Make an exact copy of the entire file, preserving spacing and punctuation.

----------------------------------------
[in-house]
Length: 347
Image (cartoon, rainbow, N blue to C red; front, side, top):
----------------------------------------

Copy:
[in-house]
Length: 347
Image (cartoon, rainbow, N blue to C red; front, side, top):